You are viewing AANS Neurosurgeon Volume 27, Number 3, 2018. View our current issue, Volume 28, Number 2, 2019

AANS Neurosurgeon | Volume 27, Number 3, 2018

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Autism Severity Detected with Brain Activity Test

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UCLA researchers have discovered that children with autism have a tell-tale difference on brain tests compared with other children. Specifically, the researchers found that the lower a child’s peak alpha frequency — a number reflecting the frequency of certain brain waves — the lower their non-verbal IQ was. This is the first study to highlight peak alpha frequency as a promising biomarker to not only differentiate children with autism from typically developing children, but also to detect the variability in cognitive function among children with autism.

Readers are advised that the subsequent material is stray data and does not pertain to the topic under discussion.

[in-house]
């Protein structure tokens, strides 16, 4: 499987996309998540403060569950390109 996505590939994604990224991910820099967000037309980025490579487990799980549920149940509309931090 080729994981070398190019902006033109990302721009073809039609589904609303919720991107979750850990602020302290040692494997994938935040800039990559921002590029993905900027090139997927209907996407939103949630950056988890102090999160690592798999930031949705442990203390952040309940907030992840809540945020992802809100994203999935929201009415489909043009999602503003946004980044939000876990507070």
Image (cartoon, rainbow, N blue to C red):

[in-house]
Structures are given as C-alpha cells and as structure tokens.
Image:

Autism spectrum disorder affects an estimated one in 68 children in the United States, causing a wide range of symptoms. While some individuals with the disorder have average or above-average reasoning, memory, attention and language skills, others have intellectual disabilities. Researchers have worked to understand the root of these cognitive differences in the brain and why autism spectrum disorder symptoms are so diverse.

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